Wednesday, April 11, 2018
Heads : "Collider"
In the wake of the short lived post-punk revival we are beginning to get bands who might have been inspired by bands like Joy Division, but go deeper and pull out thoughtfully bleak work of their own. This is one of those bands. I like the fact it reminds me of Swans, as its post-"Greed" Swans where most bands are stuck on that era. They do have their own personality and are not as pounding or sonic as Swans. There are some angular guitar moments, but it comes from more of a rock n roll place. The vocals go into a slightly higher shoe gaze coo on "Urges". They go into a more speculative grunged out indie rock drone on "Last Gasp Shout". This has some excellent guitar textures that are powerfully melodic. The post-punk pound of "Mannequin" creates mood and sets the stage for the chanted vocal to float over as they maintain the tension thanks to the pummeling bass line.
The bass stays beefy against the more sonic swaggering rippling over "Smile". There are some harder rock accents, but I would not say the intent is to be heavy. "Wolves At the Door" has more of an ebb and flow. The baritone spoken vocals are a nice touch, giving a Swans feel. Dynamically intense in the manner it hits you with a gradual build. More motion flows through "Samsa". The vocals have a subtle sneer to them, but continue to smoothly glide over the drone. There is a more industrial pound to the feed back fringed "To Call and Let it Ring". When the low monotone narrative comes in this is reined back with metallic shards thrown in as accents. It has an oppressive and depressive mood to it when the vocals come back singing. The title track is more like a minimalist spoken word interlude that only had acoustic guitar come in at the end.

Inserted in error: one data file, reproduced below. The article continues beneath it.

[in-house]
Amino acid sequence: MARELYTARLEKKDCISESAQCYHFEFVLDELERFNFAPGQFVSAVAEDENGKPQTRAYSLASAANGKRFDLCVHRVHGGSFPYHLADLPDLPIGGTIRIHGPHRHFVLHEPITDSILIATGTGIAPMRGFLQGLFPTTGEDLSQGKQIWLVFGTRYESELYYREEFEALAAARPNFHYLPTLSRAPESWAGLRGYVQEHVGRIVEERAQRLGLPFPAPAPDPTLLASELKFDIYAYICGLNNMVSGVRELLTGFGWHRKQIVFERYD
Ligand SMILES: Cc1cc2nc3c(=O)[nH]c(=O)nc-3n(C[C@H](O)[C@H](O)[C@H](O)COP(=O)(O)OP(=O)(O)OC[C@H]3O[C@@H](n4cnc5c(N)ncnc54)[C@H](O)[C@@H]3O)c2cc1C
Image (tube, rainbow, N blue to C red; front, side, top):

This album has been pretty dynamic in terms of the journey it takes you on so the tension is maintained on "Youth" that closes things. I like lyrics to this one. It's more rock n roll in it's jangle than most of the other songs , but fits well into the whole of what this band does. They set sax against the heavier pound it swell into. I'll give this album a 9.5, it' impressive at vocals sometimes go into a Morphine like croon that can become a little uniform, but over all this is a great narcotic listen that is beautifully bleak,